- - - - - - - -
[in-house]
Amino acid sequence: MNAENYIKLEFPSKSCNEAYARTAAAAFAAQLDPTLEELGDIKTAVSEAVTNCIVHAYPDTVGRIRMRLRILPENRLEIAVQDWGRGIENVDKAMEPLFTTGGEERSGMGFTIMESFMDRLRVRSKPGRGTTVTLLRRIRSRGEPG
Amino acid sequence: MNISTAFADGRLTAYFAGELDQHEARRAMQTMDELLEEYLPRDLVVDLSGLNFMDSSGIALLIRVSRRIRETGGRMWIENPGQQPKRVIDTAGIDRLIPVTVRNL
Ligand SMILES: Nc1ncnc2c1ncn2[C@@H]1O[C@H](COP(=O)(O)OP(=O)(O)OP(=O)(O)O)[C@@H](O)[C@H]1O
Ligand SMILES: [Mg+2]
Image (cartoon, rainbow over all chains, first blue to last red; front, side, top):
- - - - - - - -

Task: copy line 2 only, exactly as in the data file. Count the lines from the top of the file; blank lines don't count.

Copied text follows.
Amino acid sequence: MNAENYIKLEFPSKSCNEAYARTAAAAFAAQLDPTLEELGDIKTAVSEAVTNCIVHAYPDTVGRIRMRLRILPENRLEIAVQDWGRGIENVDKAMEPLFTTGGEERSGMGFTIMESFMDRLRVRSKPGRGTTVTLLRRIRSRGEPG